about

Raised By Swans is Canadian independent musician Eric Howden. 

A songwriter and multi-instrumentalist, Eric has written, recorded and self-released four full-length albums as Raised By Swans thus far; Codes and Secret Longing (2005), No Ghostless Place (2010), Öxnadalur (2014), and as of February 2021, Volume 1 (of 2) of Raised By Swans Is The Name Of A Man.

His music has found its way into film; Academy Award and Palm d’Or nominated director Atom Egoyan included three songs from Codes and Secret Longing in his film, Adoration (2009) and two songs from No Ghostless Place in the erotic thriller Chloe (2010), and “Violet Light” from Codes and Secret Longing is featured in novelist Douglas Coupland’s film Everything’s Gone Green (2007), voted Canadian Feature Film of the Year at the Vancouver International Film Festival.  As for television, his songs can be heard in episodes of Regenesis, Peak Season, Would Be Kings, and Whistler.

Over the six years spent writing and recording Raised By Swans Is The Name Of A Man, Eric performed mostly in Eastern Europe (once finding a venue with the aid of the loveliest GPS alternative possible – a man on a bicycle), lost a cat friend who’d been with him for nearly 23 years, managed a tiny grocery store in the most remote municipality in Iceland (current population 53), briefly delivered post in the most remote municipality in Iceland, was wrongfully suspected of being a spy in the most remote municipality in Iceland, and planted 10,000 baby birch trees in the hills of Öxnadalur, all by himself.  He returned to Canada in late 2019 to finish recording and mixing Volume 1 at the House of Miracles, and is currently working on finishing Volume 2, which will be released later in 2021.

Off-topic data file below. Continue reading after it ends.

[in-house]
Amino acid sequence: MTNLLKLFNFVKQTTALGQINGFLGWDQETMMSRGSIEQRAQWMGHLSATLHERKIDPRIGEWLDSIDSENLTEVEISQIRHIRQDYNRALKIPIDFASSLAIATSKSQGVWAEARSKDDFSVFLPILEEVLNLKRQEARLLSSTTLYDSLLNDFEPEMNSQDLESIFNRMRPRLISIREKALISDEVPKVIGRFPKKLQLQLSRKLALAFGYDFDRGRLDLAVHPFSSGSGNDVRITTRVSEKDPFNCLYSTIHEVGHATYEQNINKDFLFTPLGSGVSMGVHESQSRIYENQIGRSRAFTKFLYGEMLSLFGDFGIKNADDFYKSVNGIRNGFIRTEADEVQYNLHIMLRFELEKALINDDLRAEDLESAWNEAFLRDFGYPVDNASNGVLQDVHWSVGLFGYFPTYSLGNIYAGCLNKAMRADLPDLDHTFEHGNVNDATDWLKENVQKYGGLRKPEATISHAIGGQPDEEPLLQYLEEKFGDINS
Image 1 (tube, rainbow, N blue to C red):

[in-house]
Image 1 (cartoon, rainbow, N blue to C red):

Raised By Swans has performed concerts in Russia, Germany, Iceland, Romania, Bulgaria, Slovakia, Greece, Serbia, Hungary, Croatia, the Czech Republic, and Canada, where he lives most of the time.

Before 2013, Raised By Swans often erroneously presented himself as a band rather than a solo artist; he eventually shared the truth (and his reasons for doing so) in an interview conducted in 2012.  Deeper than this truth, his fourth album’s title reflects our ability to rename ourselves to transcend difficulty and pain, but also the importance of connecting this new identity one day back to ourselves – not to return to one’s old name, necessarily, but to acknowledge that whatever strength we’ve found was within us all along.